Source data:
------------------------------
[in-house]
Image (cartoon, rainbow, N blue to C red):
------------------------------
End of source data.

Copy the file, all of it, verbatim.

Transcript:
[in-house]
Image (cartoon, rainbow, N blue to C red):